We expect that the knowledge produced by the present investigation on time use and promoted by this review can help Brazilian health care professionals to obtain useful data and make decisions about the implementation of psychosocial support and educational programs focused on the organization of care, personal life, family life and social life activity schedules for family caregivers.


There are three principles that can be extracted from the literature on time use by family caregivers of elderly with dementia, published between 1993 and 2017. The first principle is that the life of elderly individuals and that of elderly family caregivers with dementia involves daily routines of observable, regular and repetitive behavioral patterns with a predetermined sequence and duration. These routines are based on an ecological context that includes physical and material conditions for their occurrence and on a cultural context that gives them meaning and value. The second principle is that the care routine includes two intertwined routines: that of elderly receiving care and that of family members providing such care. Finally, the third principle is that the physical and cognitive independence and health conditions of elderly receiving care are important determinants of objective burden and the number of daily hours dedicated to informal care in the family context.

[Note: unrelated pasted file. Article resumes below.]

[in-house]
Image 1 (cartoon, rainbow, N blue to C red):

The absolute values found in the literature on time use in health care for elderly with dementia are highly variable, reflecting the influence of the methodology used to obtain data, the willingness of caregivers to respond to questionnaires, their socioeconomic level mirrored in the resources available for care provision, the level of cognitive and physical dependence of those receiving care and their needs for supervision associated with neuropsychiatric disorders. Due to the discrepancies among data on time use by caregivers, methodological studies that provide information about the most stable and reliable measures are important resources to help researchers to make decisions.

The study on time use by informal and formal caregivers of elderly is practically inexistent in Brazil. This condition provides usefulness and opportunity for studies on literature review, as they synthesize multiple evidence of studies performed in different contexts, provide knowledge about the phenomenon and methodological resources to better understand and control it, facilitate the identification of gaps of information, and can guide one to make decisions about the establishment of lines of research about the theme. Additionally, they can contribute to the planning of interventions focused on the management of health care activities by family caregivers, considering their personal, family and social resources, needs and motivations.